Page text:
This is one of the more rigorous game theory considerations of the toilet seat problem I've read. The solution proposed at the end seems sensible enough.

Let's not allow our current technological constraints and limited imagination confine our solution set, however. I propose a different, even more ideal solution.

We develop a toilet seat that is in communication with the Apple Watch worn by both the man and the woman. When the woman walks into the bathroom, her Apple Watch authenticates itself to the toilet seat which then automatically lowers itself. Meanwhile, when the man walks in, the toilet seat remains in whatever position it's in, per the widely accepted bachelor toilet seat strategy. One could try to further optimize for the man by learning, Nest-style, the general pattern of #1 and #2 operations and caching the last 24 to 48 hours worth of such operations, but the added complexity may only capture a slight marginal decrease in cost to him.

There is yet another solution, brought to mind by episode 4 of season 4 of Curb Your Enthusiasm, in which Larry David admits to peeing sitting down. Optimal for her, and, David claims, good for him as well.

“If I pee twenty times in a day I can get through the whole New York Times, for god's sake!”

That's two posts today that mention bathroom operations. My mind is really in the toilet.

Bayes's Theorem

This is from 2012 but is still a great overview of Bayes's Theorem which really doesn't age.

Bayes’s theorem wasn’t actually formulated by Thomas Bayes. Instead it was developed by the French mathematician and astronomer Pierre-Simon Laplace. 

Laplace believed in scientific determinism — given the location of every particle in the universe and enough computing power we could predict the universe perfectly. However it was the disconnect between the perfection of nature and our human imperfections in measuring and understanding it that led to Laplace’s involvement in a theory based on probabilism.

Laplace was frustrated at the time by astronomical observations that appeared to show anomalies in the orbits of Jupiter and Saturn — they seemed to predict that Jupiter would crash into the sun while Saturn would drift off into outer space. These prediction were, of course, quite wrong and Laplace devoted much of his life to developing much more accurate measurements of these planets’ orbits. The improvements that Laplace made relied on probabilistic inferences in lieu of exacting measurements, since instruments like the telescope were still very crude at the time. Laplace came to view probability as a waypoint between ignorance and knowledge. It seemed obvious to him that a more thorough understanding of probability was essential to scientific progress.

The Bayesian approach to probability is simple: take the odds of something happening, and adjust for new information. This, of course, is most useful in the cases where you have strong prior knowledge. If your initial probability is off the Bayesian approach is much less helpful.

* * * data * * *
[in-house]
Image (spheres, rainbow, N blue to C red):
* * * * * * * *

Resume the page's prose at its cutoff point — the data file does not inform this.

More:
Includes a link to Eliezer Yudkowsky's intuitive explanation of the theorem and this Quora response to the question “What does it mean when a girl smiles at you every time she sees you?” which are both excellent.

A Bayesian approach to life is a sensible one, but the human mind isn't optimized to apply the theory accurately except at the broadest of levels (most people's intuition is way off when it comes to the mammogram example used in both the overview and the Yudkowsky piece linked above). This can be particularly problematic when it comes to our judgments of other people; we overweight new information without considering the prior odds. This is exacerbated by the internet, where we are prone to judge others on the select few pieces of content they choose to post for public consumption.

Mathematics of why hipsters all dress the same

Here comes the crucial twist. In all of the examples so far, we assumed that everyone had instant knowledge of what everyone else was wearing. People knew exactly what the mainstream trend was. But in reality, there are always delays. It takes time for a signal to propagate across a brain; likewise it takes time for hipsters to read Complex or Pitchfork or whatever in order to figure out how to be contrarian.

So Touboul included a delay into the model. People would base their decisions not on the current state of affairs, but on the state of affairs some number of turns prior.

What Touboul noticed is that if you increase the delay factor past a certain point, something amazing happens. Out of what appears to be random noise, a pattern emerges. All of the hipsters start to synchronize, and they start to oscillate in unison.

This mathematician must be an early frontrunner for the Nobel Prize.

In all seriousness, though, the model has a certain explanatory elegance, akin to Schelling's Segregation Model.